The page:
EAST MANATEE -- The sensory overload of color, music, dance, food, and spirituality known as Greek Glendi opened Thursday at Saint Barbara Greek Orthodox Church, 7671 N. Lockwood Ridge Road.
The festival continues daily through Sunday.
Maru Lummis was working behind the pastry counter, as she has for the past eight years, when a visitor asked for help in selecting among the many varieties of pastry.
She suggested either baklava or kataifi pastry.
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"With baklava, it's one and you're done," she said of the rich Greek pastry, with its honey drenched layers of filo pastry.
Or try the kataifi pastry, which looks a lot like shredded wheat.
"Just two, maximum," is all that the average person can handle, she said.
Somewhere between 15,000 and 16,000 visitors are expected at Glendi this year.
"We normally run out of everything," Lummis said.
Lummis' favorite time to visit Glendi is at night, when the lights are on, and the dancers are out on the floor in front of the stage.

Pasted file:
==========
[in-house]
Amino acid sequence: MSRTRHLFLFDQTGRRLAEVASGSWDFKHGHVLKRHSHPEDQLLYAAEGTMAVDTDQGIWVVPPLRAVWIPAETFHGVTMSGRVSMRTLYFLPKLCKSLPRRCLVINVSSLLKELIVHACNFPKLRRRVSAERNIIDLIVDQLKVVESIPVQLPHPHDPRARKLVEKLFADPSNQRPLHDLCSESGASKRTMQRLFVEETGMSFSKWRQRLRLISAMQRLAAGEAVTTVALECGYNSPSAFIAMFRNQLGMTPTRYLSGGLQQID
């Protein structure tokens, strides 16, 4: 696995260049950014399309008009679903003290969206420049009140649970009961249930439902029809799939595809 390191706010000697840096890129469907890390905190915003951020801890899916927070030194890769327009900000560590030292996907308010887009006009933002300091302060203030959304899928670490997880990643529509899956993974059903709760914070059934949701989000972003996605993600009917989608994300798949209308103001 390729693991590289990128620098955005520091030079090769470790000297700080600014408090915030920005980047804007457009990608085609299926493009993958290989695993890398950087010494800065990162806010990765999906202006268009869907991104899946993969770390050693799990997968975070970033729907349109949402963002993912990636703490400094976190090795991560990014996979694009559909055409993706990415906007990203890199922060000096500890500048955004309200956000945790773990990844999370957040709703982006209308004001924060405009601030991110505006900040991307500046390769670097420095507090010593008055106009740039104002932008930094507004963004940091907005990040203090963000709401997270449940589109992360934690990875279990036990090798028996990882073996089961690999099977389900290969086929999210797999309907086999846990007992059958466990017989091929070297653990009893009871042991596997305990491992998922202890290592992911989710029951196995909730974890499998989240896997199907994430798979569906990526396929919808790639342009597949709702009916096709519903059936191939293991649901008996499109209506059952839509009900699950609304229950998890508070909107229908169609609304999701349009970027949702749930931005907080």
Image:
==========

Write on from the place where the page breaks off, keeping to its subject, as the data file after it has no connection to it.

"They wear the Greek outfit, jump in the air, and touch their feet," she said.
Samira Choueiri joined a line of dancers doing the Hasapiko to live music played on a mandolin-like string instrument, called a bouzouki.
As the bouzouki player plucked the notes faster and faster, the dancer's feet flew, trying to keep up.
"I'm out of shape," Choueiri said, after she took a seat.
George Skarpentzos of Parrish, who is retired from the American diplomatic service, served drinks at the bar.
"The red wine is good. We also have the white wine, and Greek beer," Skarpentzos said.
"For the real hard-core people, we have ouzo," he said. Ouzo is an anise-flavored aperitif.
"It's a dangerous drink. It will sneak up on you quick," he said.
Skarpentzos grew up in a Greek-speaking household, but didn't use the language much after leaving home.
Now he's taking Greek classes at the University of South Florida in Tampa and also learning to play the bouzouki.
Hours for Glendi are 11 a.m. to 9 p.m. through Saturday and noon to 8 p.m. Sunday. Proceeds from the annual festival, now in its 29th year, have helped pay for improvements to the domed church. Tours are available.
James A. Jones Jr., East Manatee editor, can be contacted at 941-745-7021 or tweet @jajones1.